3. June 2013 Daniel Kruse

In recent years there has been much interest in developing natural fibre reinforced polymers for a sustainable substitution of synthetic materials and also to develop markets for the non-food crop industry sector. The major impediment to growth facing the European natural fibre sector is the high processing costs needed to produce the fibres themselves. While natural fibres can be used for a wide variety of applications, other fibres are considerably more cost-effective. The growth in the agro-materials / energy crop sector is causing competition for land with food production and this is driving up the costs of both food and non-food crop products. There is an urgent need for more sympathetic integration of food and non-food production; this can be partially achieved through improved process efficiency and productivity. Natural fibre crops cannot be easily separated into fibres of consistent quality. Therefore, to commercially exploit past research investment on the world market and for Europe to reap the sustainability benefits that will result from expansion of the non-food crop sector, new research was required to reduce processing costs and to improve fibre quality, consistency, and efficiency.
The fibre composites industry is running into difficulties of supply at the moment. The worldwide shortage of carbon fibre has been well documented and is a result of a number of factors, including increased demand from China and India. The shortage is driving up the price of fibres, which is hitting manufacturing industries, already under pressure from the emerging world economies. As a result, a project to investigate and encourage the use of natural fibres in composites was extremely timely. Research and development into the application of natural fibres in composites is fragmented, meaning that each fibre research group is attempting individually to address the problem. However, the R&D issues are more fundamental and in the “pre-competitive domain”.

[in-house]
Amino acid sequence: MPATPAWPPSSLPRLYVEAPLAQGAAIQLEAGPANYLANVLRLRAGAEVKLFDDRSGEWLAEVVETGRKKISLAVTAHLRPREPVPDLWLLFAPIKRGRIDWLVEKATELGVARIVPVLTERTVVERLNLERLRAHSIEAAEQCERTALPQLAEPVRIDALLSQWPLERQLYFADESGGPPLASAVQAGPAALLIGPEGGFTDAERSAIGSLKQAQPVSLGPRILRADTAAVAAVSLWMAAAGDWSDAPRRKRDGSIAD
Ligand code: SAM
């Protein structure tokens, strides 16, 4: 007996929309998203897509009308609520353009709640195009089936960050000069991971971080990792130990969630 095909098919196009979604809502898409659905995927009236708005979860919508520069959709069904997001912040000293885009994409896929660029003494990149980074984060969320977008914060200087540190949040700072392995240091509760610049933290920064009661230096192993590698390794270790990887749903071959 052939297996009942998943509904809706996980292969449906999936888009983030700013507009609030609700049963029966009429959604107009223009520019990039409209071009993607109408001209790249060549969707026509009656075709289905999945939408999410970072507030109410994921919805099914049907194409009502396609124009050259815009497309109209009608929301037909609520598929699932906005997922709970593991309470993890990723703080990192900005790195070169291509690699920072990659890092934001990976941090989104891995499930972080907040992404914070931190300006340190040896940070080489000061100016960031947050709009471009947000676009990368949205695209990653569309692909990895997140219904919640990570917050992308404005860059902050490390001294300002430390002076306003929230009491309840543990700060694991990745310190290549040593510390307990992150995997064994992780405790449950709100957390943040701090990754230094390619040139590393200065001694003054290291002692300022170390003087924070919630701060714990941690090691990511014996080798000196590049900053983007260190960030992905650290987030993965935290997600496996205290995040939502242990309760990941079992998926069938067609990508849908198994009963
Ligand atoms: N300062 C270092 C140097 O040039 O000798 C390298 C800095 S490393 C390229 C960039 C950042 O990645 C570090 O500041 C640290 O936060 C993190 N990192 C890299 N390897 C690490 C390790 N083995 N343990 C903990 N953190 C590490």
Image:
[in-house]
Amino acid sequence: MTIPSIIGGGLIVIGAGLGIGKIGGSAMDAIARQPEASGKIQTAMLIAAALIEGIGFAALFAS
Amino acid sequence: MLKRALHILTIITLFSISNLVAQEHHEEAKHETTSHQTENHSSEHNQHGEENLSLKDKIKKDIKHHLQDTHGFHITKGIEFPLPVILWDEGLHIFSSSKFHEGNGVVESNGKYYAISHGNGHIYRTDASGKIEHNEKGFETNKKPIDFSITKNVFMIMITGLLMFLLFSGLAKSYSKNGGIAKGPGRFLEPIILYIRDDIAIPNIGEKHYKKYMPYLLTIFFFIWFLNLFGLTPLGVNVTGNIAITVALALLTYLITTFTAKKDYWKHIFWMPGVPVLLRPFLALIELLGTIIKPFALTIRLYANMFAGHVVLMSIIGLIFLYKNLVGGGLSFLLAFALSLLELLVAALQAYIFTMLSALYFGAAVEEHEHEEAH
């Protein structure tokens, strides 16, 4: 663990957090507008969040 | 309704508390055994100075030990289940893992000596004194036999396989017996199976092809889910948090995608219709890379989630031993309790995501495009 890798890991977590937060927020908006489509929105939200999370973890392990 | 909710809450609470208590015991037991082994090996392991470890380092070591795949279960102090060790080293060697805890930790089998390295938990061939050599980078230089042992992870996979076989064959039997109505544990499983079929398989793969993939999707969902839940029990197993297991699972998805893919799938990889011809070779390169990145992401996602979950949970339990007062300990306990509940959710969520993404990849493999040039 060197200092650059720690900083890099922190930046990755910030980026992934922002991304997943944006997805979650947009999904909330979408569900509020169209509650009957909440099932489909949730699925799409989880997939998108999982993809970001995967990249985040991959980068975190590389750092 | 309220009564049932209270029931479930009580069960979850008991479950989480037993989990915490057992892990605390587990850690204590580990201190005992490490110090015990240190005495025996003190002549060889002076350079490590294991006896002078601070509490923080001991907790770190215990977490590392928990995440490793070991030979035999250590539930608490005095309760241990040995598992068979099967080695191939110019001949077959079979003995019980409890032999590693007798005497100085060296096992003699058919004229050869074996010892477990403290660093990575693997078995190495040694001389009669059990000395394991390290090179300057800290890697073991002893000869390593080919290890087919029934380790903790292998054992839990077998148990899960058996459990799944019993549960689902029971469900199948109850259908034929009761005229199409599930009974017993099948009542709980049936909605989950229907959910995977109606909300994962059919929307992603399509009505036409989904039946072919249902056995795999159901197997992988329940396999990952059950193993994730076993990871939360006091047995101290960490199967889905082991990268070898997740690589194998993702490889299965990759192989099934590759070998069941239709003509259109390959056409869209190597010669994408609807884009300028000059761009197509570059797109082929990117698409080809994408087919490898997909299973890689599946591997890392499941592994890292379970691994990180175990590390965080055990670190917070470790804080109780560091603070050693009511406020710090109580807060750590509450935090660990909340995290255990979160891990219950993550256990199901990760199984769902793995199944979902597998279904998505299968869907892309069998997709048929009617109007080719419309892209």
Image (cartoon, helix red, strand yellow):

Typical generic technical problems are fibre-polymer bonding, fibre treatment, thermal behaviour, production problems, etc… Sequential and fragmented R&D has inevitably led to inefficient allocation of limited funds and duplicated R&D work. To solve the problems facing the natural fibre sector, input is needed from agro-science, biochemistry, polymer science, chemical engineering, mechanical engineering, production engineering, product design, marketing and management. Thus, a collaborative European wide approach was needed to make a step change in the industrial production of natural fibres. In order for European industry to survive against competition from low-wage economies, it has to innovate and become more knowledge-based.
Background of the FP7 EU Project “Ultrafibre” (www.ultrafibre.org)
A 14-strong European consortium secured €1,742,245.00 of EU funding for production of high quality natural fibres for the SME natural fibre sector. The research was part funded by the European Commission under its FP7 (Framework 7) programme.
These companies and the EU committed a total of €2,228,311 to the project. For details of the consortium members involved in the project please refer to the Partners’ Page’.
As the SME-AGs and SMEs in the natural fibre producing and polymer sectors did not have the technical expertise or the financial resources to innovate themselves, an externally co-funded programme of research was needed. Through this programme, RTD performers, experts in the necessary fields, performed research on behalf of the SME-AG to provide a step change in the efficiency of the natural fibre composites supply chain. This provided exploitable results for the SME-AGs and through a targeted programme of dissemination, generated interest in the field, allowing SMEs further to innovate through the development of equipment for end-users. After completion of the project, the commercial viability of the UltraFibre process was demonstrated and detailed in the UltraFibre_Book.pdf.